This court has previously considered the operation of the business of Cape Resort Hotels, Inc., as a nonconforming use under the zoning by-law of the town of Falmouth. Cape Resort Hotels, Inc. v. Alcoholic Licensing Bd. of Falmouth, 385 Mass. 205 (1982). There we reversed the prior judgments of the Superior Court and remanded the case for the entry of new judgments. We said that "[i]n fashioning a revised injunction, the judge should seek to ensure that Cape Resort operates its facility as a hotel, with primary focus on lodging, meals, and entertainment for overnight guests. Any upgrading of the hotel which is reasonably adapted to these functions would be permissible. Thus, dining facilities may be open to the public and in conjunction with these facilities music and alcoholic beverages may be provided." Id. at 226. The case is now before us on appeal from the judgment after remand. The revised injunction goes slightly beyond the scope of our prior decision. We therefore order that the judgments after remand be modified by striking paragraphs 9, 10, 18 and 19 in their entirety and by striking the phrase "from a service bar only," from the end of paragraph 12.
Except as modified herein the judgments are affirmed.
The plaintiff physician appeals from a judgment entered by a single justice of this court affirming the decision and final order of the Board of Registration in Medicine (Board) censuring the physician. G. L. c. 112, Section 5. The Board adopted the decision of a hearings officer that the physician violated good and acceptable medical practice when he released to the press information concerning a patient's medical condition.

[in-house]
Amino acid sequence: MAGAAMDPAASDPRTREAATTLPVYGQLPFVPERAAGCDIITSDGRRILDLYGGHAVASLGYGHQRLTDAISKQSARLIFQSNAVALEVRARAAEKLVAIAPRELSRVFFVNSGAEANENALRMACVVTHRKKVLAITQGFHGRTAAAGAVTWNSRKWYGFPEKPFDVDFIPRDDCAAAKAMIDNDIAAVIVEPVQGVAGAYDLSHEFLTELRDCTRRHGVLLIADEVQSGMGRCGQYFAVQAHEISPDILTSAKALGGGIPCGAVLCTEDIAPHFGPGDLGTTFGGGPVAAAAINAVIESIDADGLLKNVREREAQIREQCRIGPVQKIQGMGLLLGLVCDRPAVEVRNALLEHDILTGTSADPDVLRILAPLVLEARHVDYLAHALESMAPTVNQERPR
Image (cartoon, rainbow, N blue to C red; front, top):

The physician argues that, in circumstances we need not detail, the patient's conduct warranted the release of the information. He asserts that the patient impliedly or apparently authorized others to publicize complaints against the physician and that the release of the information about the patient was justified to counteract an attack on his professional conduct. The physician also asserts that by his conduct the patient waived his right to confidentiality and is estopped to deny waiver.
There was substantial evidence in support of the Board's decision against the physician on these points. G. L. c. 30A, Section 14 (7). See Arthurs v. Board of Registration in Medicine, 383 Mass. 299 , 304-305 (1981). The Board committed no error of law. A fundamental problem with each of the physician's arguments is that no medical information about the patient was shown to have been disclosed publicly before the physician
made it public himself. Thus, there was no possibility on the evidence of demonstrating that the patient waived his right of confidentiality, that the patient was estopped to deny that he waived his right, or that the patient in any way authorized others to disclose his medical records.
The physician does not argue that his disclosure of medical information concerning the patient did not warrant the discipline imposed, if his arguments concerning authorization, waiver, and estoppel are rejected.
We agree with the conclusions of the single justice on the issues considered by him.